University of Gävle, Department of Caring Sciences and Sociology, Ämnesavdelningen för vårdvetenskap.
    Ahlström, Gerd
    Department of Health Sciences, Örebro University, Örebro, Sweden; School of Health Sciences, Jönköping, Sweden.
    Interprofessional education on a training ward for older people: students' conceptions of nurses, occupational therapists and social workers2007In: Journal of Interprofessional Care, ISSN 1356-1820, E-ISSN 1469-9567, Vol. 21, no 4, p. 387-399Article in journal (Refereed)
    Abstract [en]

    Collaboration between professionals in health and social care is essential to meet the needs of the patient. The collaboration is dependent on knowledge and understanding of each other's roles. One means of improving communication and collaboration among professionals is interprofessional education. The aim of this study was to describe the variation in how students in nursing, occupational therapy and social work perceived their own and the other professions. Over a three-week period two interviews were conducted with each of 16 students who were on an interprofessional training ward for older people in a municipal setting in Sweden. A phenomenographical approach was used in the analysis of the interviews. The findings showed great variation in how the students perceived the professions, from simplistic in terms of tasks to a more complex conception in terms of knowledge, responsibility and values. Differences in the ways professions were described concerning their professional stance towards the patients were especially accentuated. The findings indicate that the students need opportunities for reflection on and scrutiny of each other's beliefs and knowledge. The influence of interprofessional education involving reflection on the different health-care professions needs to be explored in future research.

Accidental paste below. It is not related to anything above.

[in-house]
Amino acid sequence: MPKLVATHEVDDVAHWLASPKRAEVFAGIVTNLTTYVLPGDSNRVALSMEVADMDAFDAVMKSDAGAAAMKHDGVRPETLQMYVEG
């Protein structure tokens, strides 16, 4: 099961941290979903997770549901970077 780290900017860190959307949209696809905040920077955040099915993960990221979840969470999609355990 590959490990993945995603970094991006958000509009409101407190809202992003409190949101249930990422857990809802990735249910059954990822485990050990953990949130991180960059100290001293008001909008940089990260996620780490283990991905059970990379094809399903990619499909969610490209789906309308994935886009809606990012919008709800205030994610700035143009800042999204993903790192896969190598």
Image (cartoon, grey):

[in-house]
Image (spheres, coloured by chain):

• 9.
    Lidskog, Marie
    et al.
    School of Health and Medical Sciences, Örebro University, Örebro.
    Löfmark, Anna
    University of Gävle, Department of Caring Sciences and Sociology, Ämnesavdelningen för vårdvetenskap.
    Ahlström, Gerd
    School of Health Sciences, Jönköping University, Örebro University, Örebro, Sweden.
    Learning about each other: students´conceptions before and after interprofessional education on a training ward2008In: Journal of Interprofessional Care, ISSN 1356-1820, E-ISSN 1469-9567, Vol. 22, no 5, p. 521-533Article in journal (Refereed)
    Abstract [en]

    In interprofessional work the striving of the members of each profession to establish their own positive in-group identity can be a source of conflict and have a negative effect on care. To counteract this, interprofessional training wards (IPTWs) have been developed in Sweden. The aim of the present study was to investigate similarities and differences in how student nurses, student occupational therapists and student social workers perceived their own and the other two professions before and after clinical education on an IPTW. Sixteen students were interviewed before and after the training on an IPTW in municipal care for older people in Sweden. A coding scheme developed in an earlier study was used in the analysis of the interviews. The findings indicate that there are changes in the students' stereotyped views, enhancing understanding of each other's professions after three weeks' clinical education on the IPTW. In some areas, however, there are still discrepancies between the description of own profession and the others' understanding of this profession that need to be confronted. In interprofessional training during education in social and health care there needs to be a balance between on the one hand the particular professional identity, on the other the shared identity implied by membership of the health-care team focusing on a common goal.

  • 10. Lidskog, Marie
    et al.
    Löfmark, Anna